This first step in the process takes several hours. Prior to this step, you’ll stop taking certain cancer treatments, such as chemotherapy drugs and steroids, in preparation for the removal of your T cells.

Step Two: Turning your T cells into cancer killers

The white blood cells are taken to a laboratory once they have been collected. There, they’re separated from the rest of the white blood cells. Specialists then genetically modify your T cells. Once that’s done, your T cells will produce a new protein on their surface. This protein, called a chimeric antigen receptor, will allow them to target the cancer cells in your body.

Step Three: Growing your army of T cells

Your T cells are now chimeric antigen receptor T cells, or cancer killers. But there aren’t enough of them yet to take on your cancer. During step three, scientists will grow millions more of them in the lab. This part of the process takes 2 to 4 weeks. When enough T cells have grown, the lab will freeze and prep them for transportation to your treatment site.

During this waiting period, you may need to have something called “bridging therapy.” Bridging therapy aims to keep your DLBCL from getting worse while your newly created T cells are being prepared to go to work. It involves cancer treatment, such as chemotherapy, radiation, and other therapies. Your health care team will decide what’s best for you based on your current health and how you have responded to past treatments. You may not need bridging therapy if your cancer is stable.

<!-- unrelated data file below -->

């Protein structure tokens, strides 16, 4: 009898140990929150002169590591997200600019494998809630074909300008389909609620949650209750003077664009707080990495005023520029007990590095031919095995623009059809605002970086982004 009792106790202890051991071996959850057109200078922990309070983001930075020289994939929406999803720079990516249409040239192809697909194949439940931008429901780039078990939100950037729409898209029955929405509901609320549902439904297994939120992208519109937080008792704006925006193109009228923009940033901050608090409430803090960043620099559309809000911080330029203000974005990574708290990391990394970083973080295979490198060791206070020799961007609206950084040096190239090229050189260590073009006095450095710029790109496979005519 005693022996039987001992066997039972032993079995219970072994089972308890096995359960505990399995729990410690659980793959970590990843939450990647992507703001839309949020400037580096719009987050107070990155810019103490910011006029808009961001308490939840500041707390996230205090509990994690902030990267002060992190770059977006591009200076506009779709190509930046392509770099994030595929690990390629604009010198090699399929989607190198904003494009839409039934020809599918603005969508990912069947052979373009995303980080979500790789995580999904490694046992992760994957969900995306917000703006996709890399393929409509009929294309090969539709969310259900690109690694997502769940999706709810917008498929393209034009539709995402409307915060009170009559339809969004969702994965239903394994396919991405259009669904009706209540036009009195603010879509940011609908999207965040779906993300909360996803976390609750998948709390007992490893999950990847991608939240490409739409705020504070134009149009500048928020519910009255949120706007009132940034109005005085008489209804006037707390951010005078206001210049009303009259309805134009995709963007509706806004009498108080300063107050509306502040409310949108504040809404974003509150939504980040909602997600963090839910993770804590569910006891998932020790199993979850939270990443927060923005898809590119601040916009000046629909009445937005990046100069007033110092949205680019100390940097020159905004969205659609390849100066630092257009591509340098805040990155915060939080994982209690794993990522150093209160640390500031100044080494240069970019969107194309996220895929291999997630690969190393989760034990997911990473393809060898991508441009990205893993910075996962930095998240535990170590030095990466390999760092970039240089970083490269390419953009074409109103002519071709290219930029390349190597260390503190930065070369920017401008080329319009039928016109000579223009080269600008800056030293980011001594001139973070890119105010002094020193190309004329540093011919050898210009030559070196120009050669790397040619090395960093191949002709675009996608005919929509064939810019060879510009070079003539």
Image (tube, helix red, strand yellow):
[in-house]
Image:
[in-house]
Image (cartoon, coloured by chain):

Another thing that will determine your need for bridging therapy is the wait time until your CAR T-cell therapy. Your health care team will decide if you can go without treatment for those 2 to 4 weeks or longer if necessary.

Step Four: Prepping for your CAR T-cell therapy

Three to four days before your CAR T-cell treatment, you will receive daily courses of chemotherapy. This is an outpatient procedure, so you won’t have to stay in the hospital. This process is called lymphodepletion or lymphodepleting chemotherapy.

Lymphodepletion suppresses your immune system. That’s important because it ensures that your body doesn’t reject the newly grown T cells that you will receive. Instead, they’ll grow and multiply, getting even more ready to attack your cancer cells.